# What is the probability that the circuit doesn't work?

First, apologies for the image, I couldn't find a good way to explain without including it.

I have the following circuit:

Number on each component represents the probability this component works

Assuming all its components are independent, what is the probability that the circuit doesn't work?

Note: for the circuit to work we need at least one line from left to right with all components working

I am posting this for two reasons:

1. I think my solution is long and I might be potentially missing something to make things easier
2. I got stuck somewhere while solving

My attempt:

I tried doing $$1-P(W)$$

Let $$W$$ be the event that the circuit works. For this, we always need $$A$$ and work, and then either $$B$$ OR $$C$$ AND $$D$$ OR $$E$$ AND $$F$$, mathematically this can be written $$P(A \cap (B \cup (C\cap D) \cup (E \cap F)))$$, and I am not sure how I could proceed with it, the $$\cap$$ is easy to do since these are independent events I can just multiply them but I don't know how to go ahead with all this $$\cup$$, I thought about the general formula of $$P(A\cap B \cap C=P(A)+P(B)+P(C)-P(A\cap B) \dots$$ but I am not quite sure of it

I also tried doing $$P(W')$$ directly but it seemed longer.

Any help would be appreciated.

• To clarify, it looks like you mean the circuit "works" as long as there's a path from the left side to the right side on which all the components "work". – Karl Feb 13 at 8:30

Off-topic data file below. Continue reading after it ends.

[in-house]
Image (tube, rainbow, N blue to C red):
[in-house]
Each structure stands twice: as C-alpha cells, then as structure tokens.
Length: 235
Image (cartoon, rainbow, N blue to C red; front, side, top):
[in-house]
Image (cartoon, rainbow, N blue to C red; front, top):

• That is correct – Sergio Feb 13 at 8:33
• added this as well as some edits for better clarity. – Sergio Feb 13 at 8:37
• The basic rules are: If two circuit elements are in series (i.e. one after the other) then one multiplies the individual success probabilities to get the combined success probability. If they're in parallel (i.e. start at common vertex and end at common vertex) replace "success" with "failure" in the above. – Semiclassical Feb 13 at 8:53

Let's write some general rule for this kind of probability circuits. Assume for simplicity that the events are all of the kind "work".

$$(G1) \qquad$$ If you have two or more independent events $$C_1, C_2, \dots, C_n$$ that are "in series" then you can collapse them all togheter in an event, say $$C'$$, that has probability of success $$P(C') = \prod_{i=1,\dots, n} P(C_i)$$

$$(G2) \qquad$$ If you have two or more independent events $$C_1, C_2, \dots, C_n$$ "in parallel" then you can collapse them all togheter in an event, say $$C'$$, that has probability of success $$P(C') = 1- \prod_{i=1,\dots, n} (1-P(C_i))$$

A basic proof of $$(G2)$$ can be seen like this: The probability that a parallel circuit will work is exactly the probability that at least one component will work. Using the "at least one" principle we can conclude that the probability that the whole circuit will work is $$1$$ minus the probability that all the component will not work simultaneously.

In your probem you have the couples $$C,D$$ and $$E,F$$ in series, so they can be combined in two events $$C'$$ and $$E'$$ that have probability of success $$P(C') = P(C)P(D) = 0.525 \hspace{1.5cm} P(E') = P(E)P(F) = 0.68$$

Now you have $$B$$, $$C'$$, $$E'$$ in parallel. Theese can be sees as a unique event $$B'$$ that has probability of success $$P(B') = 1 - (1-P(B))(1-P(C'))(1-P(E')) \sim 0.94$$

Finally we arrived at two events $$A$$ and $$A'$$ in series and we can conclude that the probability that the event $$W$$ "the whole circuit works" is:

$$P(W) = P(A)P(B') \sim 0.56$$